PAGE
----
NEW YORK (AP) — David Brion Davis, a Pulitzer Prize-winning historian who documented the centrality of slavery in Western culture through a landmark trilogy that made him among the world’s most respected and influential scholars, has died.

Davis, a professor emeritus at Yale University, died Sunday at age 92. Yale announced that he died of natural causes.

Starting in 1967 with “The Problem of Slavery in Western Culture,” Davis traced the evolution of how the West regarded human bondage from ancient times to the present. Davis drew upon the Bible, Greek philosophy and political and economic debates to show how the West defended, rationalized and fought for slavery before beginning to turn against it in the 18th and 19th centuries. He explored debates over whether the Bible justified or condemned slavery, how revolutionary leaders in the United States and France supported slavery even while fighting for their own freedom and how even some abolitionists advocated sending freed slaves to a foreign country.

“I became convinced that the problem of slavery transcended national boundaries in ways that I had not suspected,” he wrote. “In Western culture it was associated with certain religious and philosophical doctrines that gave it the highest sanction.”

His other books in the trilogy were “The Problem of Slavery in the Age of Revolution,” published in 1976, and “The Problem of Slavery in the Age of Emancipation,” which came out in 2014. It was an epic study that took a half century to complete, ran for some 1,500 pages and brought Davis the Pulitzer, the National Book Award, the National Book Critics Circle prize and the Bancroft Prize. He was praised for the thoroughness of his research, the originality of his thinking and prose that elegantly synthesized a vast range of time and thought. Eric Foner, himself a Pulitzer Prize-winning author of books about slavery and racism, would credit Davis with enlightening future generations.

“Previous historians, especially in the United States, had tended to see slavery as an exception, a footnote in a teleological narrative of progress,” Foner wrote in The Nation in 2014. “But Davis demonstrated that slavery became the key institution in the European conquest and settlement of the New World.”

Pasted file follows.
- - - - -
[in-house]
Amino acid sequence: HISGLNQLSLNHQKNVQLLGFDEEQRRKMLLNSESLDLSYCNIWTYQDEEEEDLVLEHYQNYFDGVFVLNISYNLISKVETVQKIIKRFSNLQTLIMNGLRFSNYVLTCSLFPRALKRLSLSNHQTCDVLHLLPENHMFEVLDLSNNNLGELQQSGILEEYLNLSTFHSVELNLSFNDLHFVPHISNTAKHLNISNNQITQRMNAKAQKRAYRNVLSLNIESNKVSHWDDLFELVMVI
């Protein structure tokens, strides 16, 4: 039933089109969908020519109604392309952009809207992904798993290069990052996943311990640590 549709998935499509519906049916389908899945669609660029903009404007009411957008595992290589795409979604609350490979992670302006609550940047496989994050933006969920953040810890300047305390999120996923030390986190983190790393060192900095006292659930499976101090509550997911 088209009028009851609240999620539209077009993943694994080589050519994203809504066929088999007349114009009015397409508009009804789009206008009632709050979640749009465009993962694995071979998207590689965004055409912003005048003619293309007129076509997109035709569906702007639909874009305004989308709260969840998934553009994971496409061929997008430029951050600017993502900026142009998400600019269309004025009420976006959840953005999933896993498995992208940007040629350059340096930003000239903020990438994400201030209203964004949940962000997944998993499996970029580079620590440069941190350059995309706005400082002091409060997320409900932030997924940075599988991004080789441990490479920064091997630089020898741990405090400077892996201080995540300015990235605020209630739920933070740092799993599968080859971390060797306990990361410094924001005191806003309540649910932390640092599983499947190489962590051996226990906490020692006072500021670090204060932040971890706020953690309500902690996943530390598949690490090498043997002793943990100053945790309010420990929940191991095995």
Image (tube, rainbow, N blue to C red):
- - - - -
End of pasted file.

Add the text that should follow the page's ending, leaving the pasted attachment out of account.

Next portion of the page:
Davis’ admirers also included a current Yale professor, David W. Blight, whose biography of Frederick Douglass won a Pulitzer Prize on Monday. In statement through Yale, Blight called Davis a “deeply spiritual man who saw the historian’s craft as a search for the minds and souls of people in the past.”

Davis wrote several other books, including “Inhuman Bondage: The Rise and Fall of Slavery in the New World,” ”Slavery and Human Process” and “Challenging the Boundaries of Slavery.” He also wrote essays, reviews, edited a handful of anthologies and made a strong impact in the classroom, mentoring such future historians as Sean Wilentz, Jackson Leers and John Stauffer. In 2013, he received a National Humanities Medal for shedding “light on the contradiction of a free nation built by forced labor.”

Davis was married twice, most recently to Toni Hahn Davis, and had five children.

His early life helped inspire his scholarship. A native of Denver whose family lived in several states, he never had a black classmate while in high school and only learned of the “appalling racism of the Jim Crow South” while training for combat in World War II. Stationed on a troopship headed to Europe, he discovered that hundreds of blacks were crammed in the lower quarters, and remembered “armed and bloody conflicts” between black and white soldiers.

After the war, he majored in philosophy at Dartmouth College and attended graduate school at Harvard. “Deeply shocked” that so little was being taught about slavery, inspired by the historical writings of visiting Harvard professor Kenneth M. Stampp, he vowed not to neglect slavery once he was a teacher and to write about the rise of the abolitionists. A Guggenheim grant enabled him to start the trilogy in 1958.

“I have long interpreted the problem of slavery as centering on the impossibility of converting humans into the totally compliant, submissive, accepting chattels symbolized by Aristotle’s ideal of the ‘natural slave,'” he wrote in the “The Problem of Slavery In the Age of Emancipation.”

“If my friends and I were suddenly stripped of our 20th century conditioning and plummeted back to Mississippi in 1860, we would doubtless take for granted our rule over slaves. So an astonishing historical achievement really matters. The outlawing of chattel slavery in the New World, and then globally, represents a crucial landmark of moral progress that we should never forget.”